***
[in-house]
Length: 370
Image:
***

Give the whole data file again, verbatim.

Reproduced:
[in-house]
Length: 370
Image: